You’ve heard all about the wonderful benefits of hiring a doula, such as a decrease in cesarean birth and the use of pain relieving medications and an increase in positive birthing experiences. You have decided that it makes sense for you and your family to hire one! Now what? It’s time to start interviewing doulas who will potentially support you during an extremely exciting and nerve wracking time. This is why hiring a doula who you trust and like is so important.
Over thirty percent of women in the United States have cesarean birth yet moms get very little education or support on how to recover. As a postpartum doula and c-section mom myself, I’m here to help you with a full guide of how-to recover and steps you can take to speed up your healing and recovery.
Preparing for postpartum, in our culture which focuses heavily on pregnancy and birth preparation, may seem unusual, but along with the sweet newborn cuddles and overflow of well wishes comes very real challenges, adjustments and a need for deep healing. Even when your pregnancy, birth and early postpartum period is going “well,” it can be overwhelming for some people! And of course there can be concerns for the birthing parent or baby—expected or unexpected—that leave a family needing even more support. .“Nothing could have prepared me for this!” is a common and (oftentimes) exasperated refrain from new parents.
Virtually every aspect of our daily life has been altered in some way by COVID-19. Taking care of an infant is no exception. While your newborn’s needs are the same, never before have parents been expected to take care of their babies entirely by themselves—without friends, family, or hired care providers like postpartum doulas.
My name is Jada Shapiro and I’m the founder of boober, a platform that connects expectant parents and new families to maternal care providers, like birth doulas, lactation consultants, postpartum doulas, and mental health therapists. Until March, we were known for matching clients with expert care providers for in-person visits. I have always maintained that there are a time and place for virtual care, but there are certain aspects of support that can only happen in the same place. Pregnant, birthing and postpartum parents benefit from empathetic in-person connections, and we stand strong as one of the few companies that focuses on the face-to-face experience.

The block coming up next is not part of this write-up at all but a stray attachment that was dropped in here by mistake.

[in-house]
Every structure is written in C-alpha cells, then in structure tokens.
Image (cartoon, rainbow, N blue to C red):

Preparing for a baby involves making many decisions, including whether a baby nurse, postpartum doula, or family members will support you after the baby’s birth. The postpartum period, often now called “the fourth trimester,” is a time historically when people in all cultures were cared for by close family and friends from the time of birth through the baby’s first 30-40 days.
Over the past thirteen years, I’ve gotten used to blank looks and confused reactions when I tell people that I’m a postpartum doula. After all, even with increasing attention to the importance of the postpartum period (both in terms of physical and mental health), the unconscionable health crisis in the black community around birth and the postpartum period, and articles like this one, most people still don’t know what a postpartum doula is.
What does self-care really mean when you have just given birth and are winding your way through the postpartum phase of your new life with a newborn? Well, here’s some of the simplest self-care tips for new moms.
The Postpartum Period. It’s finally getting the attention it deserves! At least in writing. We were thrilled to see Zoe Greenberg’s article recently in the NY Times – “If Only Everyone Had a Postpartum Doula”. We couldn’t agree more.